PINE ISLAND, MINN. – The owners of South x Southeast Minnesota Brewing Co. aren’t beer snobs.
Maybe that’s why they’ve been so successful.
It’s not as if Ann Fahy-Gust and Tessa Leung don’t know beer. They do. Fahy-Gust was America’s first female brewmaster, holding high-level jobs with Coors and Guinness and later running the largest brewery in England. Leung has years of experience in the hospitality business, including running a Rochester restaurant and brewpub.
But they had a vision of doing things their way, a vision that includes carving out an identity for beer brewed in southern Minnesota, much as brewers like Bent Paddle and Castle Danger have done in Minnesota’s Arrowhead region.
It also includes making beer accessible to people who may not have much exposure to craft beer. Their brewpub in this city about 20 miles northwest of Rochester gives a clue to where they’re coming from. It’s cozy and comfortable, more like a living room than the cold, industrial settings found in so many breweries’ on-site pubs.
And they’re putting a little sizzle in their marketing with the shorthand version of their name, “SxSE.”
“We’re sexy,” they blurt out, laughing.
In little more than a year, the brewery has landed more than 80 accounts with bars, restaurants and liquor stores in southern Minnesota, winning over customers one at a time by making personal connections. They’re already expanding the operation, with construction underway on a new brewing facility that will triple their capacity to about 3,000 31-gallon barrels a year.
The brewery produces virtually no waste, they said. Organic waste goes to a farmer for livestock feed, and water is reclaimed for various uses around the facility. The amount of water entering the septic system from the brewery, Fahy-Gust said, is about the same amount produced by a typical four-bedroom home.
The pair have chosen to act as their own distributors rather than signing up with a wholesaler.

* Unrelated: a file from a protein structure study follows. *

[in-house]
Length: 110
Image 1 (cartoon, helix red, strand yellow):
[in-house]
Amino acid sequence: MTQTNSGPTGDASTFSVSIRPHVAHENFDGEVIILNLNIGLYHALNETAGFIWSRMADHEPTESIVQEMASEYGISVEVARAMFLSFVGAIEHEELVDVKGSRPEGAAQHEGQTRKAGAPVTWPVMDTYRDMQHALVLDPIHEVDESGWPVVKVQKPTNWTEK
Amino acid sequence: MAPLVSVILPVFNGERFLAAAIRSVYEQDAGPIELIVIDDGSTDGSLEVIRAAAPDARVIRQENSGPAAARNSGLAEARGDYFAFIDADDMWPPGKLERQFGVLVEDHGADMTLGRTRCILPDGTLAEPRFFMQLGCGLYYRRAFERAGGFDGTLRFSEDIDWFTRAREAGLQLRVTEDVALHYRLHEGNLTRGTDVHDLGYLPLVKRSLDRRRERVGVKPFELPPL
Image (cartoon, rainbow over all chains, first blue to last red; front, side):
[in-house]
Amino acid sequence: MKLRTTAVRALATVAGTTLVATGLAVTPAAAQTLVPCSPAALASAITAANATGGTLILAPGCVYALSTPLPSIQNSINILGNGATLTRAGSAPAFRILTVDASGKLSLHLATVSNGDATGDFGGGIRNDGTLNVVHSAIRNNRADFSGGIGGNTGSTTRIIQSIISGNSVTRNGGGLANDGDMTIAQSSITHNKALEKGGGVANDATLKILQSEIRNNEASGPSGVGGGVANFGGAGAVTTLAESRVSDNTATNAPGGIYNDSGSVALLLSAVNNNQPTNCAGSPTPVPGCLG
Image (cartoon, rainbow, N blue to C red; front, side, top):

“We chose that because we can be responsive and not get lost in the shuffle, because there are so many beers,” said Leung, who acts as the brewery’s one-woman sales force, calling on outlets in roughly a 50-mile radius of Pine Island. And their customers appreciate the attention, Fahy-Gust said.
“They want someone to actually come talk to them about craft beer,” she said, rather than just getting “whatever they have on the [distributor’s] truck.”
While Leung is on the road, Fahy-Gust is back at the brewery, cooking up the company’s six signature beers, which are complemented by various seasonal and special brews throughout the year.
They landed in Pine Island, they said, because the city of about 3,500 residents wanted them.
“It’s very forward-looking,” Leung said. “They wanted us as a destination.” The city helped them find their location along U.S. Hwy. 52 and created a tax-increment-financing district for them. With one full-time and 14 part-time employees, Leung said, the brewery has already exceeded the number of jobs it promised to create.
Being women in the beer business has been a challenge, both said.
“Even with the pedigree I have, I hear, ‘Well, she doesn’t really understand it,’ ” Fahy-Gust said. But they’re appreciative that so many local businesses have been willing to give them a chance.
“This is my calling in life,” Leung said.
John Reinan • 612-673-7402